and the smallest word count. I don't even know ~ writing is hard.
You guys, I'm afraid my 'novel' has no plot. I'm afraid it is just witty banter between a bunch of random 12 year olds and a ghost, at this point; and (in all honestly) the ghost is not holding up her end of these conversations. Of course, that's what half the banter is about - "stupid ghosts and their cryptic, ridiculous, non-clue-ish clues" . The other half of the banter is between two 12 year old girls who used to be best friends and then something happened.
I am not being coy by writing 'something happened'; I legitimately do not know yet. Mostly they're just aiming little poison barbs at each other, with the kind of precision that only (pre)teen girls -and particularly girls who know each other very well - can manage.
I'm trying to decide whether it'll be more awesome if their friendship just sort of... dissolved or if it completely blew up. There's certainly going to be blowing up somewhere, but I think, from my own experiences, that it's more realistic that friendships just kind of... break up, piece by tiny piece, in such dribs *and drabs, so slowly that you hardly notice it, you just feel little twinges along the way, and all of the sudden .... everything's different.
Especially when you're twelve. I feel like twelve/thirteen/fourteen was a whole 'how the hell did the earth shift out from underneath me' kind of experience, and that's the feeling I'm going for with their friendship. Of course, people handle that kind of thing in very different ways, and one of those ways (at least in my experience/in this book) is to be super sarcastic to each other. My main character is a snarky little demon, and the other girl - who was dealing with the same things, but dealt with it by just... moving on, instead of being hurt - is, now that they're thrown together again (courtesy of aforementioned ghost) is now surprised and hurt by the main character's reaction, and trying to hold her own.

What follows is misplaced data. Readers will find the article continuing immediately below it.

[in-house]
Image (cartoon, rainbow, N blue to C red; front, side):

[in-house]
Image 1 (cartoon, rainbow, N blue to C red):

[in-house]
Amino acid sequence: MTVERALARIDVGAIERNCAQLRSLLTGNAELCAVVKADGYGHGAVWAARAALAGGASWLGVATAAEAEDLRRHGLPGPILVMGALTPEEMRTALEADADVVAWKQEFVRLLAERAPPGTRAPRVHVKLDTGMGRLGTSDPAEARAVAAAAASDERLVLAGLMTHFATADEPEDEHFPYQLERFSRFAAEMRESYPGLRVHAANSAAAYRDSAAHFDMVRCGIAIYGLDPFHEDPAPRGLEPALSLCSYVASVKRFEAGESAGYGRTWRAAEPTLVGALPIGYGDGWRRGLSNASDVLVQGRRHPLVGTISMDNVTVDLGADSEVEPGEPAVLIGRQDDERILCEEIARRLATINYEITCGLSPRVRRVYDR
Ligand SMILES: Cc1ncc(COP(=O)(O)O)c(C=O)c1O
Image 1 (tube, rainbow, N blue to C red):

This sounds so ridiculous, trying to explain it like this. My whole point was... seriously, plot: wouldn't you like to make yourself a little bit clearer, because we still have 33,000+ words to write, and - as much fun as it is to write the sniping scenes - I have a feeling they'll get old pretty quickly.
Also - I don't know how many of you others are writing mysteries, but how hard is it to write a mystery that is hard enough not to be instantly solvable via Google, but still easy enough for your characters to eventually figure out? I am having the hardest time, but I've never attempted to write a mystery before. I hope that I'm getting a little bit of slack since they're, you know, 12, but Dang: Google, you are making mysteries very difficult to write!
*isn't drib a word? at this point I might as well be inventing my own language, and we're only nine days into NaNo!, but I could have sworn 'dribs and drabs' was a saying - Google agrees, Blogger, so you lose!